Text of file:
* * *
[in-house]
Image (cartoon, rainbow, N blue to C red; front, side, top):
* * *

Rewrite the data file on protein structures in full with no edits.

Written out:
[in-house]
Image (cartoon, rainbow, N blue to C red; front, side, top):